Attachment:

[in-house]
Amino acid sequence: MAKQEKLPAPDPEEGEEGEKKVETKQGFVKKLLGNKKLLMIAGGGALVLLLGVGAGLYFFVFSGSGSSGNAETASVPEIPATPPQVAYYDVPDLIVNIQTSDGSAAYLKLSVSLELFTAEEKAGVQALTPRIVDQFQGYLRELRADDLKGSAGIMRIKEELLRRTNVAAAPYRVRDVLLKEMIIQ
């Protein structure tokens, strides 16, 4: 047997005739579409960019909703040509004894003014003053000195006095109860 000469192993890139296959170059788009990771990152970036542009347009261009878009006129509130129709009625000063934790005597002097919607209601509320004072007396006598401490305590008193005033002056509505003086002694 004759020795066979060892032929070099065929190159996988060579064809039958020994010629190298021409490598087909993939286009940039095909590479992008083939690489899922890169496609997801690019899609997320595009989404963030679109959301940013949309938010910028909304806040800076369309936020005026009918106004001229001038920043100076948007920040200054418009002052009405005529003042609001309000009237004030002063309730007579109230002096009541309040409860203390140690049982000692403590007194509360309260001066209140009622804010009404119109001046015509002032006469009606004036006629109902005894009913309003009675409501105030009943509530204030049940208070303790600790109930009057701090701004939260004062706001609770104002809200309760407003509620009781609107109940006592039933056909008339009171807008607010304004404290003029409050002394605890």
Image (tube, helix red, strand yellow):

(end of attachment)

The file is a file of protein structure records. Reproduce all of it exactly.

[in-house]
Amino acid sequence: MAKQEKLPAPDPEEGEEGEKKVETKQGFVKKLLGNKKLLMIAGGGALVLLLGVGAGLYFFVFSGSGSSGNAETASVPEIPATPPQVAYYDVPDLIVNIQTSDGSAAYLKLSVSLELFTAEEKAGVQALTPRIVDQFQGYLRELRADDLKGSAGIMRIKEELLRRTNVAAAPYRVRDVLLKEMIIQ
């Protein structure tokens, strides 16, 4: 047997005739579409960019909703040509004894003014003053000195006095109860 000469192993890139296959170059788009990771990152970036542009347009261009878009006129509130129709009625000063934790005597002097919607209601509320004072007396006598401490305590008193005033002056509505003086002694 004759020795066979060892032929070099065929190159996988060579064809039958020994010629190298021409490598087909993939286009940039095909590479992008083939690489899922890169496609997801690019899609997320595009989404963030679109959301940013949309938010910028909304806040800076369309936020005026009918106004001229001038920043100076948007920040200054418009002052009405005529003042609001309000009237004030002063309730007579109230002096009541309040409860203390140690049982000692403590007194509360309260001066209140009622804010009404119109001046015509002032006469009606004036006629109902005894009913309003009675409501105030009943509530204030049940208070303790600790109930009057701090701004939260004062706001609770104002809200309760407003509620009781609107109940006592039933056909008339009171807008607010304004404290003029409050002394605890």
Image (tube, helix red, strand yellow):